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Guest post: Most common COVID-19 respiratory manifestations

Guest post: Most common COVID-19 respiratory manifestations
July 23, 2020 Rachel Tirabassi

By Alba Kuqi, MD, CICA, CCS, CDIP, CCDS, CRCR, CSMC for ACDIS CDI Blog

In their review of the medical record, CDI professionals aim to reconstruct the patient story from admission to discharge by examining, understanding, and synthesizing many puzzle pieces from disparate systems and people.

Many patients coming in with COVID-19 related pneumonia are demonstrating symptoms of fever, cough, increased sputum production, chest pain, and oftentimes low oxygen saturations. Many COVID-19 patients are demonstrating leukopenia instead of leukocytosis, so CDI professionals need to review the medical record thoroughly and send a validation query anytime the clinical indicators are not associated with a medical diagnosis. CDI professionals need to communicate with providers and ask them to document all the manifestations of COVID-19 as this will support an accurate severity of illness (SOI)/risk of mortality (ROM) score.

Typically, when a patient has symptoms of COVID-19, like fever, cough, or shortness of breath, they may get an x-ray. The most common abnormal finding is “ground glass” opacities, meaning that some portions of the lungs look like a “hazy” shade of gray instead of being black with fine white lung markings for blood vessels. Sometimes the signs dont show right away on the chest x-ray, however, and we should be waiting for at least 48 hours for signs to show up on imaging.

If there is an absence of clinical findings on the chest x-ray, a CT scan may be ordered. Common findings on a CT scan for a COVID-19 patient include the following: ground-glass opacities, consolidations, and crazy paving. Ground glass is usually the first sign and is followed later by one or both of the others. Sometimes patients contract bacterial infections superimposed on viral infections, especially when hospitalized in this situation, and if that is the case, they should start on antibiotics.

Acute respiratory distress syndrome

Acute respiratory distress syndrome (ARDS) is an inflammation throughout the lungs leading to pulmonary edema. The main site of injury is the alveolar-capillary membrane. ARDS is not a primary lung disease but it is a complication of a systematic insult. ARDS can be caused by:

  • Sepsis (most common cause)
  • Trauma
  • Severe burns
  • Near-drowning
  • Disseminated intravascular coagulation (DIC)
  • Acute pancreatitis
  • Massive blood transfusions
  • Aspiration of gastric contents
  • Toxic smoke inhalation

Patients with ARDS are considered high-risk patients because they often develop several comorbid conditions and they typically require a longer inpatient stay.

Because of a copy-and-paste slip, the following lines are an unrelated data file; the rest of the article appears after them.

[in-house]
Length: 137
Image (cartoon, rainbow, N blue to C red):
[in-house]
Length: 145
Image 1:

CDI professionals need to review the medical record thoroughly because these patients who develop ARDS are more prone to hospital acquired infections. If a patient is admitted with acute respiratory failure, which later, during the same hospital encounter, progresses to ARDS, then only the code for ARDS is assigned with a present on admission indicator of yes. Acute respiratory failure is considered inherent to ARDS generating an Exclude1 note, meaning that the coder should not code both conditions on the same record.

ARDS is often referred to as non-cardiac pulmonary edema (PE) because the pulmonary blood pressure is normal since the problem is within the alveoli getting damaged. There are different methods determining if congestive heart failure is contributing to the PE or not, such as:

  • Measuring the BNP levels, which are elevated in congestive heart failure.
  • An echo shows ejection fraction below 55% in systolic heart failure and abnormal relaxation of the myocardium in diastolic heart failure.
  • Pulmonary blood pressure can be measured using a Swan-Ganz catheter wedged into the pulmonary artery, so a normal pulmonary capillary wedge pressure suggests ARDS rather than heart failure.

The main difference between ARDS and acute respiratory failure is that ARDS is a type of respiratory failure where the lungs stiffen and lose the ability to make surfactant, whereas acute respiratory failure is the inability of an individual to breath or ventilate on their own. ARDS is clinically diagnosed by fulfilling the following criteria:

  • The symptoms developed within one week of the suspected injury.
  • A chest x-ray shows diffuse bilateral opacities.
  • The symptoms are not fully explained by congestive heart failure.
  • PaO2: FiO2 < 300 mmHg

Finally, prone-position ventilation has shown to improve the outcomes in individuals with ARDS. To prevent ventilation-induced lung injury, a combination of low tidal volumes and high positive end-expiratory pressure are provided.